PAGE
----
The global economy is struggling. It is certainly not in rapid growth mode. You don’t have to do much searching to get the overall mood and consensus. The following headlines are from the first page of a Google News search for "Global Economy,"Â which should be a neutral term:
- A Bright Spot in a Dull Global Economy
- Stocks Slip from Highs: Focus on G20, Global Economy
- IMF Seeks ‘Urgent’ Response to Stagnating Global Economy
The general consensus is that the global economy is relatively weak but not in a recession. This is hardly the environment one would expect for any type of meaningful interest rate increases.
There is absolutely no reason to think that the Fed will sharply increase interest rates. This is especially true when one observes its actions over the last 30 and more years. The Fed has continuously worked to keep interest rates low to stimulate growth.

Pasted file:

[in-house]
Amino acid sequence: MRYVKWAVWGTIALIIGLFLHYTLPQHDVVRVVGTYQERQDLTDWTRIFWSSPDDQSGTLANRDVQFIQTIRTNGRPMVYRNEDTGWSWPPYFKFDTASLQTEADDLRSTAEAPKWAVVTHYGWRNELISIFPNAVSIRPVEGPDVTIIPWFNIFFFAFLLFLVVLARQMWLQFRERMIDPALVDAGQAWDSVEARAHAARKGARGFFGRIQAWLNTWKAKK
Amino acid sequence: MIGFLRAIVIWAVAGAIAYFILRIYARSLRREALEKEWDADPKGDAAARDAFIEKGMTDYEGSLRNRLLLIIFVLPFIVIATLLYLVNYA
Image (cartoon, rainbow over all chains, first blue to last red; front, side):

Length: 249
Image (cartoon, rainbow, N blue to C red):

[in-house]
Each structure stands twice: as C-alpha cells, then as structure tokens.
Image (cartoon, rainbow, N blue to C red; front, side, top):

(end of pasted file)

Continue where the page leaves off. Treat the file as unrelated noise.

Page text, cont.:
I doubt the Fed reverses course and jacks interest rates significantly higher. Doing so would likely throw the U.S. (and the world) into another recession.
Is the market overvalued based on an absolute historical basis? Absolutely. Is the market overvalued given current ultra-low interest rates? No. It is trading around fair value, and possibly a bit lower.
Will interest rates rise soon? No one knows the future. With that said, it appears unlikely given the Fed’s moves over the last 30 years that interest rates will rise in the next several years.
The one exception to this would be if high inflation were to take hold. In this case, the Fed would likely raise interest rates to curb serious inflation.
The conclusion I draw from this data is that the stock market is trading around fair value given our current artificially low interest rate environment, and the artificially low interest rate environment will likely be with us for a long time.
Regardless, the prerogative for long-term buy-and-hold investors does not change: Invest in high-quality dividend-growth stocks with strong competitive advantages trading at fair or better prices. When the market trades for a lower P/E ratio this is easier, but it is still possible today.